Kerry Gallagher is the St. John’s Prep Assistant Principal for Teaching and Learning, ConnectSafely Director of Education, an EdSurge Columnist, ASCD Emerging Leader, a TEDx and Keynote Speaker, and an attorney.
I was fortunate to do an Ignite at ISTE in 2016 at the same time as Kerry. She was so amazing that they asked her to come back and do her presentation again before the keynote in front of 6,000 people. She was amazing! Below are excerpts from the podcast that was recorded several months ago.
About you and your family
I’m a mom of two girls; Shannon is 9 and loves to write and create. Morgan is 6 years old and is wild and adventurous. I’m married 13 years and am lucky enough to be close to my parents, my siblings, and their spouses. We go skiing together in New Hampshire every weekend in the winter. Being a mom and an educator, I feel like I won the lottery. It’s a great combination of things I love to do with the people I love to be with.
What was it like for you as a learner
I think of learning in two different ways; learning because you want to versus learning because you have to. I was a competitive dancer and skier. That learning was physical and kinesthetic and I was passionate about it. There was also some competition that made it fun to work together with my teammates. I love that kind of challenge in learning. I was learning because I wanted to. The other way is what I learned in school; learning because I had to. I was really good at playing the game of school. Give me homework. I can do it well and get my grade. You tell me I have a test coming and I know how to study and prepare for it, take it, and get my grade. When I think about the way I am planning learning for teachers or students in the classroom, I really want them to feel the way I felt about dancing and skiing. I want them to feel that passion and that energy and drive. I want schools to build passion in our learners so they want to do better and improve themselves.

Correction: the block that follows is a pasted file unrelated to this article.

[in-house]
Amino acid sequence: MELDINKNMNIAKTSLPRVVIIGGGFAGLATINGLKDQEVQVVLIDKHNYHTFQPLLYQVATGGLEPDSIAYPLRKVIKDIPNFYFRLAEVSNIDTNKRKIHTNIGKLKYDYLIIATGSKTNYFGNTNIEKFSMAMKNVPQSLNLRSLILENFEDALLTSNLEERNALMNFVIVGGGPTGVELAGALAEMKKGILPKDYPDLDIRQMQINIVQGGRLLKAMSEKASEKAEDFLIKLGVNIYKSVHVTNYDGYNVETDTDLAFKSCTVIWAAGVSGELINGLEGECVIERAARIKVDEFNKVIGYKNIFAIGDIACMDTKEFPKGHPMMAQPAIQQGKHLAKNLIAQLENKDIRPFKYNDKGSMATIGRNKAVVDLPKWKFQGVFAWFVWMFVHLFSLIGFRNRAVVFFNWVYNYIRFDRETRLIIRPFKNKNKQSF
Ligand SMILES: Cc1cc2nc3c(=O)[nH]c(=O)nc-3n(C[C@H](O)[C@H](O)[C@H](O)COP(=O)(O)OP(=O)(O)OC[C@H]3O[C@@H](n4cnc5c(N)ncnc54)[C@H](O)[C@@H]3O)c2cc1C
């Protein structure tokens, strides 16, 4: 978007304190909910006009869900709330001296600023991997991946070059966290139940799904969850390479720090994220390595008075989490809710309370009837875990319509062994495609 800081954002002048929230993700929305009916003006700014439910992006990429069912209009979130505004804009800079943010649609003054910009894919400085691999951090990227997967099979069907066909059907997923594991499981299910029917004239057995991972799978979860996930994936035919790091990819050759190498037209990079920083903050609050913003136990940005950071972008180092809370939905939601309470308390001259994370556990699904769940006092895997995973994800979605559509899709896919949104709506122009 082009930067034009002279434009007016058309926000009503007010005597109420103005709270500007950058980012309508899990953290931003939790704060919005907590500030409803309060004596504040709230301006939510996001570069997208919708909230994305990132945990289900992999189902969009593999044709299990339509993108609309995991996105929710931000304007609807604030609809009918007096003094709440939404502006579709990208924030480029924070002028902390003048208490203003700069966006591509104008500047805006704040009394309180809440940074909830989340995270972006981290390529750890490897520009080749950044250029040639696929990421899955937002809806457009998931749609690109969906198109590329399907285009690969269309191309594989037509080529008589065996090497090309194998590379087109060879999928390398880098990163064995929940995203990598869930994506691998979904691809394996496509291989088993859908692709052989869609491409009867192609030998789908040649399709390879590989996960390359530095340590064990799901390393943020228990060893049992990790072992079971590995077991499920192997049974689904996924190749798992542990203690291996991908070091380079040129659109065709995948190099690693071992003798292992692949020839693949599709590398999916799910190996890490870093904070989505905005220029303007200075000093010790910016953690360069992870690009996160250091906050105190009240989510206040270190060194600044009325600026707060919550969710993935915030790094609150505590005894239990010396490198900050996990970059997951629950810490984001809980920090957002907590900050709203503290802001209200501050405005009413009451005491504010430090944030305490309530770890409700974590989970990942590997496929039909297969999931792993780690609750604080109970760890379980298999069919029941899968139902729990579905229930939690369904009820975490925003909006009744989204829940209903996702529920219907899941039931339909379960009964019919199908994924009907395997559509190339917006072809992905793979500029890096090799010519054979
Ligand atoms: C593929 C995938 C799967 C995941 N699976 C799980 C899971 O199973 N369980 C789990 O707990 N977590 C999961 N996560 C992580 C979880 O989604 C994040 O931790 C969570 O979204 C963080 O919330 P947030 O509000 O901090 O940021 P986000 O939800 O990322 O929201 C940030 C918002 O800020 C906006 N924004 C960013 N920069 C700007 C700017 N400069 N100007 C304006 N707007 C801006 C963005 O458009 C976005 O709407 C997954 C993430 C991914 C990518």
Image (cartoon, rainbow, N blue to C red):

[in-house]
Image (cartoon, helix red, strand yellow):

There are two reasons to become a teacher. 1: Because you love the subject matter like chemistry, or early American history, or math. 2: Because you are passionate about working with children. No matter which was your reason for becoming a teacher, if you can challenge yourself to be both passionate about what you are teaching and who you are teaching, then that’s where the magic happens. If your learners know that you desperately care for them and you have this deep fire in your belly for what you teach, then you’ll hook them just because they see your passion. They will want to feel that way too. Connecting to their everyday lives is a really easy way to do this. Just modeling that enthusiasm is a great way to start.
Your background in teaching
My major was politics. In college, I worked on campaigns, studied philosophy, and took on a second major in education focusing on education policy. When it came time for me to pick an internship during senior year, I decided to do student teaching. Quickly I discovered I was in the right place. I was happy to be in a room full of teenagers talking, laughing, and getting creative with them. The school I did my student teaching is the first school I ended up working in. I taught high school civics, U.S. history, and law and ethics that the first year. I was totally exhausted but loved it. I only taught at that school for a year because I got an offer from a school in Massachusetts. It was a good move for me to be closer to my family. For the next 12 years, I taught at the middle school and high school levels and learned the interdisciplinary approach and mindset. I am now at St. John’s Prep where the teachers are exploring and investigating interdisciplinary approaches.